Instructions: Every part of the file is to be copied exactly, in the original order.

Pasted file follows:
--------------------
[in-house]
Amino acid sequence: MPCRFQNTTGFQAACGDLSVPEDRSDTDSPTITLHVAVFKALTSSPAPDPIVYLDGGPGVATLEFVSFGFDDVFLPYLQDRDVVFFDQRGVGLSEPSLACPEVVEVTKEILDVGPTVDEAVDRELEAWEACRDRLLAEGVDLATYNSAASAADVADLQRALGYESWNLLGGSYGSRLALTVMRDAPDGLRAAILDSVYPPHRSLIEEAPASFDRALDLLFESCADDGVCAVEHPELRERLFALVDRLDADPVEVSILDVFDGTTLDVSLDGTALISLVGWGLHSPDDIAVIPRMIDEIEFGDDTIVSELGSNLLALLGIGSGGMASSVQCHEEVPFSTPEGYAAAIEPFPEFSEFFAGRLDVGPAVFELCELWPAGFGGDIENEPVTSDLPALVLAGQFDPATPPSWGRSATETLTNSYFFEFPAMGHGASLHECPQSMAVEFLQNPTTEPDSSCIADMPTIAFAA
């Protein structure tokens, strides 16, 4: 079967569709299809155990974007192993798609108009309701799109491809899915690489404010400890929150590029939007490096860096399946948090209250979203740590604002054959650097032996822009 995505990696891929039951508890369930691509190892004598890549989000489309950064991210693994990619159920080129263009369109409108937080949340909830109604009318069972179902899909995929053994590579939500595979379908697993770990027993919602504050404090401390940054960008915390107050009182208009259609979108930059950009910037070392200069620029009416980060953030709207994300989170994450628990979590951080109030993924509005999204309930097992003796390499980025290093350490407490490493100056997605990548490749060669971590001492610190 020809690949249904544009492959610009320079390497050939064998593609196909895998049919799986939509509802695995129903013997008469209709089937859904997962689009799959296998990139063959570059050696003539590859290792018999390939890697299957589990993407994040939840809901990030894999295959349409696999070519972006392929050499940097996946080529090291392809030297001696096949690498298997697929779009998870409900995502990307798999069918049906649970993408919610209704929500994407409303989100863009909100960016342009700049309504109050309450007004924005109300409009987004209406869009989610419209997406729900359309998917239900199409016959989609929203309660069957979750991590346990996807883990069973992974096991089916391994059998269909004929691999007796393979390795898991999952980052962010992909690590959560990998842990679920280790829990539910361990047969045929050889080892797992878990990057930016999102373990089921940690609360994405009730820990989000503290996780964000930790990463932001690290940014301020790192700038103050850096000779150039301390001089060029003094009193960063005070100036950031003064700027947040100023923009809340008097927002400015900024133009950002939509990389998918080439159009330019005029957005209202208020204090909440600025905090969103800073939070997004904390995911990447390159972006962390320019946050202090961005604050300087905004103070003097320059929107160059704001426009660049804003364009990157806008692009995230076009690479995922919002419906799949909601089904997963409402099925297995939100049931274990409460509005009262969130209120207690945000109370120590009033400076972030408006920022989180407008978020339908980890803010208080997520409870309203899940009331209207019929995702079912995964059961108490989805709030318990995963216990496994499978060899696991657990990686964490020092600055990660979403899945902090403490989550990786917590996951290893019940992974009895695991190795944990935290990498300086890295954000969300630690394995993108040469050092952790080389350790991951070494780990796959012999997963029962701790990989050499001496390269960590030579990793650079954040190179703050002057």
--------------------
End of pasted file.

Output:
[in-house]
Amino acid sequence: MPCRFQNTTGFQAACGDLSVPEDRSDTDSPTITLHVAVFKALTSSPAPDPIVYLDGGPGVATLEFVSFGFDDVFLPYLQDRDVVFFDQRGVGLSEPSLACPEVVEVTKEILDVGPTVDEAVDRELEAWEACRDRLLAEGVDLATYNSAASAADVADLQRALGYESWNLLGGSYGSRLALTVMRDAPDGLRAAILDSVYPPHRSLIEEAPASFDRALDLLFESCADDGVCAVEHPELRERLFALVDRLDADPVEVSILDVFDGTTLDVSLDGTALISLVGWGLHSPDDIAVIPRMIDEIEFGDDTIVSELGSNLLALLGIGSGGMASSVQCHEEVPFSTPEGYAAAIEPFPEFSEFFAGRLDVGPAVFELCELWPAGFGGDIENEPVTSDLPALVLAGQFDPATPPSWGRSATETLTNSYFFEFPAMGHGASLHECPQSMAVEFLQNPTTEPDSSCIADMPTIAFAA
């Protein structure tokens, strides 16, 4: 079967569709299809155990974007192993798609108009309701799109491809899915690489404010400890929150590029939007490096860096399946948090209250979203740590604002054959650097032996822009 995505990696891929039951508890369930691509190892004598890549989000489309950064991210693994990619159920080129263009369109409108937080949340909830109604009318069972179902899909995929053994590579939500595979379908697993770990027993919602504050404090401390940054960008915390107050009182208009259609979108930059950009910037070392200069620029009416980060953030709207994300989170994450628990979590951080109030993924509005999204309930097992003796390499980025290093350490407490490493100056997605990548490749060669971590001492610190 020809690949249904544009492959610009320079390497050939064998593609196909895998049919799986939509509802695995129903013997008469209709089937859904997962689009799959296998990139063959570059050696003539590859290792018999390939890697299957589990993407994040939840809901990030894999295959349409696999070519972006392929050499940097996946080529090291392809030297001696096949690498298997697929779009998870409900995502990307798999069918049906649970993408919610209704929500994407409303989100863009909100960016342009700049309504109050309450007004924005109300409009987004209406869009989610419209997406729900359309998917239900199409016959989609929203309660069957979750991590346990996807883990069973992974096991089916391994059998269909004929691999007796393979390795898991999952980052962010992909690590959560990998842990679920280790829990539910361990047969045929050889080892797992878990990057930016999102373990089921940690609360994405009730820990989000503290996780964000930790990463932001690290940014301020790192700038103050850096000779150039301390001089060029003094009193960063005070100036950031003064700027947040100023923009809340008097927002400015900024133009950002939509990389998918080439159009330019005029957005209202208020204090909440600025905090969103800073939070997004904390995911990447390159972006962390320019946050202090961005604050300087905004103070003097320059929107160059704001426009660049804003364009990157806008692009995230076009690479995922919002419906799949909601089904997963409402099925297995939100049931274990409460509005009262969130209120207690945000109370120590009033400076972030408006920022989180407008978020339908980890803010208080997520409870309203899940009331209207019929995702079912995964059961108490989805709030318990995963216990496994499978060899696991657990990686964490020092600055990660979403899945902090403490989550990786917590996951290893019940992974009895695991190795944990935290990498300086890295954000969300630690394995993108040469050092952790080389350790991951070494780990796959012999997963029962701790990989050499001496390269960590030579990793650079954040190179703050002057």